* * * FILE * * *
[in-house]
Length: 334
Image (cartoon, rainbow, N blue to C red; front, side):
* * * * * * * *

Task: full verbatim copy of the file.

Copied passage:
[in-house]
Length: 334
Image (cartoon, rainbow, N blue to C red; front, side):